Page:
WASHINGTON, D.C. — The U.S. House of Representatives voted 196 to 180 along heavily partisan lines to approve a bill (H.R. 6784) to de-list the gray wolf nationwide under the Endangered Species Act, and to block courts from considering violations of federal law for wolves under the Endangered Species Act. The Mexican wolf subspecies is specifically excluded from this legislation.

“The Endangered Species Act requires that when species reach the brink of extinction, decisions are made solely based on the best available science, yet today’s vote shows the hubris of putting politicians with no scientific background in charge, wresting these critical decisions away from professional scientists,” said Erik Molvar, a wildlife biologist and Executive Director of Western Watersheds Project.

Wolves currently are missing from more than 83% of their original native range. “Wolves are just beginning to recolonize their original habitats in places like Oregon and California, and remain completely absent from large expanses of suitable habitat like the Colorado Rockies,” said Molvar. “Wolves are necessary to restore the natural ecological balance that has been missing for more than a century.

Despite some regionally-specific decisions, the U.S. Fish and Wildlife Service has never rendered a de-listing decision that would apply to the entire lower-48 states, which is what the bill seeks to do. Thus, there is no scientific basis for the proposed law, a fundamental requirement of ESA decisions. The bill sparked lively debate on the House floor.

“Delisting decisions are best kept in the hands of scientists,” said Rep. Beyer (D-VA). “Someday, I would like to see wolves in Virginia. But for now it is important to protect the merely 6,000 that we have in the lower 48 today.” Rep. Fitzpatrick (R-PA) added, “Delisting is premature and ill-advised.”

Rep. DeFazio (D-OR) presented a chart showing that 74% of cattle losses are due to health issues, 7.8% due to weather, 0.2% due to wolves. He told of a rancher who had a calf killed by wolves, and said, “It’s sad that that calf didn’t get to grow up and go to the slaughterhouse.” But, he concluded of the wolf de-listing bill, “It’s going nowhere in the Senate.”

Rep. Grijalva (D-AZ) reflected on the widespread popularity of the ESA among the American public, and its effectiveness. “The ESA has a near-perfect record of saving imperiled species,” said Rep. Grijalva. “These types of attacks on the ESA will not be legitimized in the next Congress.”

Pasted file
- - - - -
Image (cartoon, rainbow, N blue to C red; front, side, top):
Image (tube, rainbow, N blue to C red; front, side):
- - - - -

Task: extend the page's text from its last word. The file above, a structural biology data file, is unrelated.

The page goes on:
The bill passed this morning also blocks the delisting of wolves from being challenged in court, preventing independent judges from overturning decisions that violate federal law.

“The State of Wyoming has been a bloodthirsty opponent of wolf recovery from day one, with a wolf management plan that turns 85% of the state into a free-fire zone where any wolf can be shot at any time without season limits, without bag limits, and lacking any pretense of wildlife management principles,” said Molvar. “If there is one state in the Union that needs the federal court system looking over its shoulder, Wyoming is that state.”

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Erik Molvar
Executive Director
Western Watersheds Project

 
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Erik Molvar

11 Responses to House votes to strip ESA wolf protections, & block judicial oversight

  1. avatar Frank Krosnicki says:

    This bill is not about Wolves, it is about money! Once again, it is no doubt money that highly influenced this decision. Elected “officials” who most likely cannot tell a Husky or Coyote from a Wolf, help ranchers to continue the devastation of our lands by allowing domesticated cattle to graze on OUR public lands for a few cents per head of cattle. Also, with Wolves gone from the land, hunters can “enjoy” the hunt of artificially high numbers of Elk and Deer, who would once again congregate in Riparian areas. With domestic cattle grazing willy-nilly, this bill would put us back several decades in the restoration OUR waterways and forests. Add to this the push to allow recreational mountain biking in currently roadless areas, and we have a perfect recipe for the eventual loss of what Wilderness remains. Let’s hope the Senate does not go along with this bill.

  2. avatar Ida Lupine says:

    Representatives DeFazio and Grijalva, two tireless advocates for the ESA and environmental issues.